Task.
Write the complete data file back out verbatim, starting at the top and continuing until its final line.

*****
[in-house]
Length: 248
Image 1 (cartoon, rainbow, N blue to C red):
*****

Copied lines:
[in-house]
Length: 248
Image 1 (cartoon, rainbow, N blue to C red):